The African and Middle Eastern PC market posted its third successive quarter of year-on-year growth in the fourth quarter of 2014, but a slide in sales in 2015 is on the cards, according to International Data Corp (IDC).
The improvement in the most recent three quarters follows seven consecutive quarterly declines leading up to the second quarter of last year.
Growth in the fourth quarter of 2,8% year on year was spurred mainly by shipments of portable PCs and a return of a “semblance of stability” in some key regional markets.
“IDC’s data shows that portable PC shipments grew by 4,3% year on year in Q4 2014 to reach 2,83m units, while desktop shipments experienced much flatter growth of 0,4% over the same period to total 1,8m units,” IDC said.
“This growth was aided by a recovery from the instability that plagued parts of the region in the corresponding quarter of 2013, including Egypt, Saudi Arabia and the rest of the Middle East sub-region, where the bulk of PC shipments can be attributed to Iraq and Iran,” it said.
“The market’s growth was also spurred by several mid- to large-scale education deliveries that took place across the region in Q4 2014, with the largest being in Pakistan,” said Fouad Rafiq Charakla, research manager for personal computing, systems and infrastructure solutions at IDC Middle East, Turkey and Africa.
The top three vendor rankings in terms of PC market share remained unchanged for the sixth consecutive quarter. Hewlett-Packard retained top spot, recording strong year-on-year growth of 17,3%. The vendor maintains a notably stronger presence in Africa than the market’s other key players. Second-placed Lenovo once again posted the strongest year-on-year growth, with shipments up by an impressive 38,2% for the fourth quarter of 2014. Dell lost some ground in third position, suffering a year-on-year decline of 0,8%.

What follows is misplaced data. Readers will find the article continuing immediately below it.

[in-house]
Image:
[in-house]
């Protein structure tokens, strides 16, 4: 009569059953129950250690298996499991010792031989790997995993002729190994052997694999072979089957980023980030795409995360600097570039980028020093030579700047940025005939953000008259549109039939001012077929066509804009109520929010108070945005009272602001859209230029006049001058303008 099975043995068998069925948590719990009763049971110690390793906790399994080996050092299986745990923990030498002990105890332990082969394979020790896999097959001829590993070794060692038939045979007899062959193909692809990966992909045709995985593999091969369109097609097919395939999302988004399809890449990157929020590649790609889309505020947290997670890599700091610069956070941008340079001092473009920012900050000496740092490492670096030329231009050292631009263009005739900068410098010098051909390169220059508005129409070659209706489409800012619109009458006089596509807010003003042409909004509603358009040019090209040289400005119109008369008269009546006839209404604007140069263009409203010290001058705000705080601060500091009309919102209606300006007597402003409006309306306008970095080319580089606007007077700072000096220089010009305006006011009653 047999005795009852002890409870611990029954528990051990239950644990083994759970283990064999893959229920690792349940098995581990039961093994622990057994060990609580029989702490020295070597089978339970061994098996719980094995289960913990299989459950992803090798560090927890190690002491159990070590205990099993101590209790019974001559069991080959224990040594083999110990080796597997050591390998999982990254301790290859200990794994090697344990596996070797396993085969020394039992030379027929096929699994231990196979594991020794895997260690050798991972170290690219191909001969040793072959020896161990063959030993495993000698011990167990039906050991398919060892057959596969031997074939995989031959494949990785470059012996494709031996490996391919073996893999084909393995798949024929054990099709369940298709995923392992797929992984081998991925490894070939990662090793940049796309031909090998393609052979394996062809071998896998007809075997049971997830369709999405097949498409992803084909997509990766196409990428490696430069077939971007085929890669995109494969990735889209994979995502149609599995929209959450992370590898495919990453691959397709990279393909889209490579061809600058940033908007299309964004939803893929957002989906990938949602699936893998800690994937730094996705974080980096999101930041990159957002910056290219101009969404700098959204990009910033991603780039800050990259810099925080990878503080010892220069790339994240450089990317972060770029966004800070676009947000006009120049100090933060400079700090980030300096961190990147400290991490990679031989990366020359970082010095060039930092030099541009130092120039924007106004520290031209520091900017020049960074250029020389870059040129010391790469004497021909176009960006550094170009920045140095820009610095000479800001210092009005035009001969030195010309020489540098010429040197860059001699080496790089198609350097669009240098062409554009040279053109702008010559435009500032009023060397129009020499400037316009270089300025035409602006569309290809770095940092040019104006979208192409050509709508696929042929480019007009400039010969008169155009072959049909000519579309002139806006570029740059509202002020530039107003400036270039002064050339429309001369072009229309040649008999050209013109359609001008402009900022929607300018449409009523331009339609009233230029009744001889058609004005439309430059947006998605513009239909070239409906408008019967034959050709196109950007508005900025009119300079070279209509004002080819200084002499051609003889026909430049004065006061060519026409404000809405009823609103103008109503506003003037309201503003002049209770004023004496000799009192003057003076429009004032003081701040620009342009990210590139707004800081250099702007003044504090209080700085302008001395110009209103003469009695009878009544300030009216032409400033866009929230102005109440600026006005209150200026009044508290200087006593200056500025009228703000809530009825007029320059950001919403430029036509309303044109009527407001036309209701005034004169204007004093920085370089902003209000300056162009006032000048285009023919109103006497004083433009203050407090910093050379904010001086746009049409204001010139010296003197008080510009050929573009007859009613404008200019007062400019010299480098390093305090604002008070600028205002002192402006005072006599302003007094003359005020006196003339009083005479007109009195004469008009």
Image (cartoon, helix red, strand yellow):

Asus ranked fourth and Acer fifth.
IDC said it expects the region’s PC market to suffer an overall decline of 3,9% year on year in 2015, with a total of 17,48m units to be shipped over the 12-month period.
Some country markets are expected to suffer in early 2015 due to currency fluctuations, including Egypt, Algeria, Tunisia and Nigeria.
“At the same time, the market’s performance will be hindered by uncertainty over the outcome of general elections in both Nigeria and Turkey,” says Charakla.
“And the recent rapid decline in global oil and gas prices will have an impact on almost all parts of the region, although the extent of this will vary from country to country. Nigeria and Ghana are expected to suffer the most, with PC shipments to these countries set to shrink around 40% year on year in 2015.”
In the longer term, IDC forecasts the PC market to remain almost flat from 2015 through to 2019. However, the gradual shift of PC demand from consumers to the commercial segment is expected to gather pace. This is because a growing portion of home users will switch from PCs to tablets and smartphones, while commercial end users are expected to remain more loyal to the PC, it said. — © 2015 NewsCentral Media